Mastering your content also means understanding your constituents. You might think, for example, they want just a laugh, but in fact they may be seeking something deeper. "Viral videos aren't just about being funny," the CEO of College Humor recently told New York magazine. "They're about identity creation. You send the video to your friends to say something about yourself. You're saying, 'I get this. Do you get it?'"
Learn to identify the value your content should provide (a software company might want to give readers a sense of online security, whereas a solar-energy provider might want to help readers live "greener" lives), then ensure that your content truly achieves its goal. If it's hard for you to keep this tenet in mind while creating content, write it out. Before you begin your blog post, identify not just the topic you're working on but precisely how this piece will help your readers. Then, compose your piece and reread the thing—paragraph by paragraph and sentence by sentence—to see whether you've truly achieved your goal.
It's more work, but it will pay off if your goal in content marketing is an authentic relationship with an audience. But if you simply want to produce five blog posts per week, regardless of how many comments or tweets or "likes" you get, just keep grinding it out.
4. Be clear
Let's not talk about the ugly, jargon-strewn landscape of business writing: You know all about that. Instead, strive to make everything you write crystal clear.
One of the greatest how-to articles ever written is "Politics and the English Language," by George Orwell, and it's also the best guide to writing clear prose. If you want to write well, read it and adhere to Orwell's instructions. Here are Orwell's points amplified and put into context for content marketers...
- Clichés. When you talk, for instance, about letting the cat out of the bag, one sees neither the sack nor the frightened pet fleeing for her life. Stamp out your clichés as though they were cockroaches.
- Passive construction. Your writing should feature strong active verbs and subjects. Passive verbs weaken your points, your prose, and your Web presence. Instead of writing "The lousy Web copy was written by the dude with the fauxhawk," try this: "The dude with that moronic fauxhawk wrote the lousy Web copy."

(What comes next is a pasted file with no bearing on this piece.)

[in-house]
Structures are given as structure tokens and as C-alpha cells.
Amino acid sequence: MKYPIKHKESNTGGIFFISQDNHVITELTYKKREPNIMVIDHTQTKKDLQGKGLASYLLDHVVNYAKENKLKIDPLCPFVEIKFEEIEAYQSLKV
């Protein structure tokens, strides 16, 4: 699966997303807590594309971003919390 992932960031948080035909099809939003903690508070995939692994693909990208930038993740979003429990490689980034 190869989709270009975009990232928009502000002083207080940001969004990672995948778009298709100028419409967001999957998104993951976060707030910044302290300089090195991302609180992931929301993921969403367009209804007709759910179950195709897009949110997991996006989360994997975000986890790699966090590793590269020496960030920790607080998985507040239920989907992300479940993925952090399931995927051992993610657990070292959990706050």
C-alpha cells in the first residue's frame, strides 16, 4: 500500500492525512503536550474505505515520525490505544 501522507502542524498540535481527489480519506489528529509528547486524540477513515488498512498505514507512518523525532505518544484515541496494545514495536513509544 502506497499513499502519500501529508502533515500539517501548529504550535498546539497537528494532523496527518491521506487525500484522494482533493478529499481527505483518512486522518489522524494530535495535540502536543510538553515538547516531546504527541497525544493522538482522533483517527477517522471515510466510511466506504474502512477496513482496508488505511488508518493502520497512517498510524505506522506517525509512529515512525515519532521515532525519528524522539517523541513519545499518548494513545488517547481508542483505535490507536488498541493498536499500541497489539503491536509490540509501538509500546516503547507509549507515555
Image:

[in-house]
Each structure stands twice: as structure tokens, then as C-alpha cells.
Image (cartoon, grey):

- Wordiness. Orwell said it best: "If it is possible to cut a word, always cut it out." Look at the copy on your website and identify every word you can cut. You may be surprised at how many wasted words we employ.
5. Be yourself
In the Content Wars, authenticity always wins. People love to talk about the importance of differentiating one's product in the traditional marketplace—it's no different in the content marketplace.
If your website sounds like every other robotic piece of Web copy and cliché-encrusted press release, few will listen. But if you learn to write the way you speak to your living, breathing customers, you have a chance of creating great content.
Look at Gary Vaynerchuk. Listen to that guy talk! He may shout a little much, but the man is smart, passionate, original, and people dig him. He's got the right idea: He's selling his services as a wine expert in his own voice.
Does your company have its own voice?
It sure does. Your business speaks to customers in its own way. A successful company acts as a professional problem-solver—some take the tone of doctors, others that of plumbers, shrinks, or IT geeks—and their communications should have a similar tone. Look to your salespeople or customer-service reps, and notice what it sounds like when they successfully engage customers. (It might be worth your while to eavesdrop on a sales or customer-service call.) Isolate that particular tone and import it in your content. Do your customers appreciate your sense of humor? Bring some laughs into your content. Do they feel comforted that you're as solemn as an undertaker? Then wipe off every trace of smile in your stuff.
Cultivate your authentic business voice, and import it into your content. Very important point: Avoid mimicry or gimmickry. As English Department favorite Ralph Waldo Emerson said, "Imitation is suicide." Whatever you do, be yourself.